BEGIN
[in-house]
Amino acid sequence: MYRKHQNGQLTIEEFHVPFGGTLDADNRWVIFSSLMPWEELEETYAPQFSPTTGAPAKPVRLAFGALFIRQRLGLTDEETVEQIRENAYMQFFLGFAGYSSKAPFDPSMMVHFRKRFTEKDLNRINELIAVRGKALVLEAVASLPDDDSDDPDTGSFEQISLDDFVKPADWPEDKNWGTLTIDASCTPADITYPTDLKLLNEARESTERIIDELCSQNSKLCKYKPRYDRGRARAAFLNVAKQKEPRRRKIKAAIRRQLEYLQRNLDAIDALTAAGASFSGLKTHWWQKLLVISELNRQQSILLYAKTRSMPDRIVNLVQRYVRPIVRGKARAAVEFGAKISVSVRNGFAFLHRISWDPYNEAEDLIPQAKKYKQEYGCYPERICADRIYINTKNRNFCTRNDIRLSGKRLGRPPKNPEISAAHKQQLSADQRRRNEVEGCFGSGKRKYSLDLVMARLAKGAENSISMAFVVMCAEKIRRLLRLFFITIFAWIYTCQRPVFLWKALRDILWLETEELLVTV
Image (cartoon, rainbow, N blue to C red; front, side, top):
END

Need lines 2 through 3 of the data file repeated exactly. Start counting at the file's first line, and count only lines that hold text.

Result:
Amino acid sequence: MYRKHQNGQLTIEEFHVPFGGTLDADNRWVIFSSLMPWEELEETYAPQFSPTTGAPAKPVRLAFGALFIRQRLGLTDEETVEQIRENAYMQFFLGFAGYSSKAPFDPSMMVHFRKRFTEKDLNRINELIAVRGKALVLEAVASLPDDDSDDPDTGSFEQISLDDFVKPADWPEDKNWGTLTIDASCTPADITYPTDLKLLNEARESTERIIDELCSQNSKLCKYKPRYDRGRARAAFLNVAKQKEPRRRKIKAAIRRQLEYLQRNLDAIDALTAAGASFSGLKTHWWQKLLVISELNRQQSILLYAKTRSMPDRIVNLVQRYVRPIVRGKARAAVEFGAKISVSVRNGFAFLHRISWDPYNEAEDLIPQAKKYKQEYGCYPERICADRIYINTKNRNFCTRNDIRLSGKRLGRPPKNPEISAAHKQQLSADQRRRNEVEGCFGSGKRKYSLDLVMARLAKGAENSISMAFVVMCAEKIRRLLRLFFITIFAWIYTCQRPVFLWKALRDILWLETEELLVTV
Image (cartoon, rainbow, N blue to C red; front, side, top):